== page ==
Tuesday, January 6, 2009
at 1:14 PM Posted by futuremrsrickankiel
As much as I'm generally opposed to lingering unproductively in the past [furtively shoves Joe Thornton sweater under desk], I don't think I'm alone in saying that, as a Boston fan, I'll always have a vested interest in where our beloved slugger of days past Manny Ramirez winds up. We've heard lots of talk this offseason about where His Dreadlockiness might be heading... fortunately, since I'm clearly the smartest person in the country, I've already solved that dilemma for everyone else by selecting the clear and most logical option for all parties involved:
Send Manny to the Giants.
Sure, this is partially motivated by a desire to keep Manny out of the AL (we all know he's destined to end his career as a DH, but he's not there yet). But come on, kids... this is a baseball match made in heaven. I feel like I should be leading a cheer in some sweaty-smelling Bay Area high school gym:
What do we need?
Who's gonna give it to us?
Not only would Manny's bat obviously echo thunderously throughout the balmy hitter's cakewalk that is AT&T Park, but he'd bring an element of star power to a team whose reigning Cy Young pitcher shockingly few people can name (hint: it ain't Randy Johnson). Star power is something we tend to place a lot of weight on in basketball and, to a lesser degree, football... but its importance in baseball is often overlooked. The Giants are middle-of-the-pack in NL attendance (it's only been a few years since they were a 100-win team... remember that?), but it's not just the fans that a hitter like Manny means. It means a sudden case for relevance from a team whose OPS+ last year was (ohmigod) 88. It means a powerhouse hitter in a division with easily the lamest hitting in the league (come back, Gonzo!), where one slugger can (and did! See 2008 LA Dodgers, The) make all the difference in the world. And, most importantly, it means redemption for a team whose record for the past two decades is riddled with the ugly legacy of a man whose giant (get it?) head and even larger ego hold, to this day, a monopoly on San Francisco's star power.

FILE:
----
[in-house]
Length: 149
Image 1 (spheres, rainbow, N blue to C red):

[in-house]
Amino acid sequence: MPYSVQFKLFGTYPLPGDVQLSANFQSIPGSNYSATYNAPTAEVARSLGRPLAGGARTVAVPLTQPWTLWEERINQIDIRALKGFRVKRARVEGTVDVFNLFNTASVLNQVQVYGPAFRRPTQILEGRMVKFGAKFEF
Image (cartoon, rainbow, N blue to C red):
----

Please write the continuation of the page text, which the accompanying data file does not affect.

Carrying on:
In possibly one of the least thoughtful baseball pieces I've read that wasn't by Jay Mariotti, the San Jose Mercury News' Mark Purdy took a strong stance against Manny's star power yesterday, arguing, "Sure, the Boston Red Sox won with him. But only because their clubhouse had several counter-Manny personalities with nearly as much talent." I'm sorry... in what dippy Bay Area coffeehouses is Pedro Martinez a "counter-Manny personality"? If anything, Manny's role on the Sox during our first glorious Series run was that of the anti-Pedro: the goofy, meandering Hardy to Pedro's spastic Laurel. Sure, Manny's gotten crotchety in his old age... but that was also partly due to a heavily soured relationship between him and the Sox front office. Who knows what went wrong there?
Look, I'm not saying Manny will have Bengie Molina and Omar Vizquel (he still plays, right?) weaving macrame necklaces and singing campfire songs in the Giants dugout within a week of spring training. I am saying, however, that the sheer magnitude of what Manny Ramirez' bat would do for this floundering West Coast team can and should outweigh asinine speculations about what kinds of shenanigans he might pull in San Francisco. (Manny being tranny?) There are two things we know about Manny: one, that he's an unabashed mercenary; and two, that he can hit the ball REALLY fucking far. If you write the check, he will come.
My favorite part of that Mercury News editorial, by the way?
To be certain, the Giants had to deal with Barry Bonds' character flaws. But as much of a pain as Bonds could be, there never was much doubt about his locked-in approach to the game. That's what kept his teammates, with the notable exception of Jeff Kent, from trying to strangle him.
Sorry, guy, but if you're in all honesty trying to make the argument that Barry Bonds is a less detrimental locker room presence than Manny Ramirez, you're off your freaking rocker. Plus, to my knowledge, no teammate has actually EVER tried to strangle Manny Ramirez; nor should the fact that Bonds' teammates were too terrified by the throbbing veins on his massive, juiced-up dome to go near him count as points in his favor in any sort of cosmic karma ledger.
Be smart, San Francisco. Sign Manny.
li'l D, this post is for you